- Germany is extending its lockdown until April 18 and calling on citizens to stay at home for five days over the Easter holidays to try to break a third wave of the Covid-19 pandemic, German Chancellor Angela Merkel said early on Tuesday.
- Merkel pushed the leaders of Germany's 16 states to take a tougher stance, reversing plans for a gradual reopening of the economy agreed earlier this month.
- "We are now in a very serious situation," she told journalists at a news conference, adding that Germany was in a race against time to vaccinate its population against the coronavirus.
Germany is extending its lockdown until April 18 and calling on citizens to stay at home for five days over the Easter holidays to try to break a third wave of the COVID-19 pandemic, Chancellor Angela Merkel said early on Tuesday.
In talks that ran deep into the night, Merkel pushed the leaders of Germany's 16 states to take a tougher stance to fight the pandemic, reversing plans for a gradual re-opening of the economy agreed earlier this month after a sharp rise in the infection rate.
"We are now basically in a new pandemic. The British mutation has become dominant," Merkel told a news conference.
"Fundamentally, we face a new virus of the same kind but with very different characteristics. More deadly, more infectious, and infectious for longer."
Germany started cautiously easing restrictions earlier this month. But the spread of more infectious variants of the virus has pushed up cases, prompting concerns that hospitals could soon be overstretched without further curbs.
The number of cases per 100,000 people over a week stood at 107 on Monday, above the level at which intensive care units will be overwhelmed. More than 3,000 people with COVID-19 are in intensive care.
On Monday, Britain demanded the European Union allow the delivery of COVID-19 vaccines it has ordered as tensions over a possible export ban on EU-manufactured shots mounted and Brussels pointed an accusing finger at drugmaker AstraZeneca.
After falling far behind post-Brexit Britain and the United States in rolling out vaccines, EU leaders are due to discuss a possible ban on vaccine exports to Britain at a summit on Thursday.
"We have a problem - that was known - with AstraZeneca," Merkel said, adding that she supported the European Commission. "We will decide responsibly."
For five days from April 1, Germans are to stay at home and reduce contacts as much as possible. But the late-night agreement did not include a closing of all stores, including essential shops like supermarkets, which Merkel had called for.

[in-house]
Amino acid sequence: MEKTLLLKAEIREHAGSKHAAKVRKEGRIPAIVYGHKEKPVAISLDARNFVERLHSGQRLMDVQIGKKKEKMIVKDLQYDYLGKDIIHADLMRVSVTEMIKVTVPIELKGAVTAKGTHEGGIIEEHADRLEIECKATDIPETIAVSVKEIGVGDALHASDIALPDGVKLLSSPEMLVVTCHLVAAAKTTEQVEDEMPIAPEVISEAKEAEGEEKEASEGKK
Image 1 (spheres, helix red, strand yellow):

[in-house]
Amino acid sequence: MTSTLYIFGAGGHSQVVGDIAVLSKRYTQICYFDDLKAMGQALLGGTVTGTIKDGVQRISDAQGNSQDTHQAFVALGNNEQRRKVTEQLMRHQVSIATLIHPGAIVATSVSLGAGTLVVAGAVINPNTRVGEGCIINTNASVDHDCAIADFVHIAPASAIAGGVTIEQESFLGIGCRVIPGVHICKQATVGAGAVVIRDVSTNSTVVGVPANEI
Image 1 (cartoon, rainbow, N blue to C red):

Big family gatherings will be banned over the holidays, with no more than two households, or up to five people, being allowed to meet. The government will ask churches to hold any Easter services online to avoid gatherings.
Economists said the extension of Germany's lockdown measures would delay a much hoped-for recovery in Europe's largest economy from spring until early summer.
Talks had dragged on for hours as Merkel and state leaders were at loggerheads over whether to ease restrictions on domestic travel over the Easter holiday season.
Germans can travel freely even amid the pandemic, but hotels and holiday resorts in the country are not allowed to rent rooms to tourists. That leaves travel abroad as the only option for those who are desperate to go on holidays.
"We advise against all travel abroad," Merkel said.
Airlines will now be responsible for ensuring all travelers and crew are tested for the coronavirus prior to departure to Germany, regardless of the infection rate in the country they have visited.
But Merkel and the state leaders stopped short of imposing mandatory quarantine for all returning travelers, a relief for holiday destinations such as Spain's Mallorca that are banking on a boost from Easter travel business.
Merkel said Germany was in a race against time to vaccinate its population before new coronavirus variants took over. Some 9% of Germans have received at least one shot of vaccine, but the pace of vaccinations is expected to pick up next month.
"Things are tough longer than we had expected, but there is very clearly light at the end of the tunnel," Merkel said.